Crafting the content
Carefully crafted website content is a crucial part of the service we offer. Good web content is not made up of one long piece of text, but is broken up into different sections under subheadings with images, videos, related content and/or calls to action.
The content template will largely take care of the layout and prioritisation of content on the page. To create effective, engaging content, you need to choose good words, select appropriate images and collect relevant internal and external links and signposts to include.
Breaking down content into sections with descriptive subheadings gives the reader an at-a-glance view of what's on the page. It helps them find what they're looking for quickly, rather than having to wade through long chunks of body text.
When adding subheadings, it's important to choose the right format. In Umbraco, there are six heading formats you can use. At the top of the hierarchy is heading 1 (h1), then heading 2 (h2) and so on, down to heading 6 (h6).
There is only one h1 on each of our pages – the page title. All other headings on the page are h2 or smaller.
Headings should be correctly nested, like Russian dolls. If you want to add a subsection to a page, you should use the next heading down from its parent section. For example, an h3 is used for a subsection of an h2 section.
When you start a new section or subsection, go back up to the heading format of the other sections at that level.
Content is more than words. That said, words are a vitally important part of our digital communications toolbox. Before you start writing the words for the page or pages, make sure you're familiar with our guidelines on language and writing.
All the words on our website must follow house style. If you're not sure what our editorial style or convention is for a particular word or phrase, check the grammar and style section of the style guide. If it's not covered in the style guide, follow Guardian style.
Choosing images for the web is part art, part science. The best images work in harmony with the words, to reinforce the message and bring the content to life for the user. These are the things you need to think about.
The most effective web images have a single focal point and don't have too much going on. An image of a crowd at a fundraising event can work well in certain contexts, but remember that some people will be viewing images on small screens. Make sure that people's heads aren't cut out of images – if they are, it may be better to crop people out completely.
When choosing an image, make sure that the aspect ratio (height relative to width) of your image is not at odds with its intended content type. For example, if you're choosing an image for a banner, a portrait image is unlikely to be suitable, because you won't be able to get all the most important parts of the image into the crop.
Pay attention to the size of your image, making sure it's not low quality and isn't too small. Make sure that images don't look pixelated on the page (this is especially important for banner images). Extremely high resolution images aren't ideal either, as they can take a long time to load.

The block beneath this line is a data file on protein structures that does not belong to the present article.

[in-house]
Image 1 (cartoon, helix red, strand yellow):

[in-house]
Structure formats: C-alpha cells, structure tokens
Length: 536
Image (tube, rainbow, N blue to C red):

Avoid adding too many images to your page. If someone is using a screen reader that's picking up the alt text (text that describes the image if it doesn't display) from an image after every paragraph, they'll have a frustrating experience. Lots of images can also make the page slow to load, especially for people without a great internet connection.
Some schools of thought say that you should only use images that are directly relevant to your content and that provide additional meaning or information. They argue that images used purely for aesthetic or decorative purposes are unnecessary. This is mainly for the sake of people using screen readers for whom unnecessary breaks in the copy can be disruptive.
We aim for a balance between providing a smooth experience for as many people as possible, while providing attractive, engaging and informative content.
Internal and external links are an important tool for signposting users to related content and adding additional context and depth.
Be generous with links, but don't use so many that it stops your content from flowing. If you have a lot of contextual links that relate to your content as a whole, it may be appropriate to add a list of relevant links under a "see also" heading at the bottom of the page.
Don't spell out URLs. And never use "click here". Instead, embed links in the natural flow of the content. If the links were taken out, the content should still make sense.
Add links to a few descriptive and specific words that give the user some information about where they'll go if they click on the link. For example:
- "More information is available on the Mind website", not "More information is available at www.mind.org.uk" and not "For more information click here".
Meaningful link text is more search engine friendly. It also helps people who are using screen readers navigate the page and understand the content.
Call-to-action and button links
When adding call-to-action links and using links on buttons, it's equally important to be specific, so that people know what to expect.
And it's even more important to keep call-to-action and button links short.
Starting your call-to-action link with a verb is a good idea, because it makes it clear what people are being asked to do.
The Readability Guidelines have further guidance on how to use links effectively, and lots of – you guessed it – links to supporting evidence.
Getting new content checked and approved by the right people helps us make sure any risks are mitigated and that the content hits just the right notes.
Depending on the substance of your content, this might include getting input or feedback from senior colleagues, the information support team and/or subject matter experts.